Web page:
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Member for

20 years 8 months

Hello people, I am wondering from sometime now why when I turn on or off the phantom power on my Avalon 2022 for my AKG 414 BXL II it gives 2 or 3 signal hits for over +3 dbs, an then settles. They work great together, but always behaves the same manner after turning on/off its phantom +48 power. Is this normal, sometimes in the powering of the +48 signal says hello this way?. Impedance for the 414 is >200 ohm. Avalons impedance switch is on the MIC, which is 1500 ohms. As I understand, Pre's impedance should be 10 times more than mics. Theres no 1000 ohms on the 2022, so I choose MIC, which is 1500. I powered also a 1974, U87 Neumann, and It just powers without a hiss, no signal hit. Works great too. After the signal hits, which lasts a second, very short and it does not repeat, everything's good.

thanks recording.org
rafael

Comments

RemyRAD Fri, 08/15/2008 - 22:45

Not all condenser microphones are made the same. Your Comparison Isn't Valid between Different Microphones. So, does this happen with one 414 & not the other? I get the impression you don't have a second one?

What you're hearing are the capacitors within the microphones electronics, charging up. YOU SHOULD NEVER HAVE YOUR MONITORS UP WHEN TURNING ON PHANTOM! So like telling the doctor it hurts when I do that. DON'T DO THAT. Unless you really hate your monitors and would like them to die a horrible death?

That is, unless, I totally misunderstood your question? Ouch!
Ms. Remy Ann David

Member for

20 years 8 months

bbtodrum Sat, 08/16/2008 - 07:51

Yes mam, actually I have two 414 XB II, and they both behave the same. I obvioulsy turn down my master volume when turning phantoms on my pres, cause I do love my events 6". I know there is a big signal hit, because the meters in my avalon go over 3db and the overload bulb lights up, no need to hear the speakers bang. I never inquired about hurting my monitors, I just wanted to know why the microphones behave like this, while other do not. I just wanted to know is there was any reason, be that impedance, circuitry or just pre/microphone mismatch that I was missing. So yes Ms Ann, I think you misunderstood my question, but in all your sarcastic tone, I think there is information I can really use to my better understanding and higher learning, since this is the forum where home/studio projects should rely on for seeking help. Including amateurs like me.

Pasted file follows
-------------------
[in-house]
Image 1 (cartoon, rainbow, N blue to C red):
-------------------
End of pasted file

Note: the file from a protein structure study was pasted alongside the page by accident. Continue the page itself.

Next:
thanx
rafael

RemyRAD Mon, 08/18/2008 - 14:10

The most confusing thing about this stuff is that condenser microphones' electronics can be vastly different from one another.

For instance, in the U87, the FET is utilized as an impedance converter into the microphone's internal transformers, which have 80 hertz cut off filters built in which could inhibit that nasty output, direct current like pulse.

In the 414, their methods are considerably different and include greater amounts of active amplified circuitry whose currents take longer to pulse through numerous capacitors. Causing multiple pulses from each amplification stage before settling down.

In the Sennheiser microphones, they utilize a type of RF modulated carrier to convert its output. So those are RF condenser microphones which should not be confused with wireless RF microphones. One is an internal method of conversion amplification. The other is a standard microphone type with a transmitter.

So welcome to the consistent inconsistencies of black magic voodoo audio.
Ms. Remy Ann David

No single system is better than the other, just different.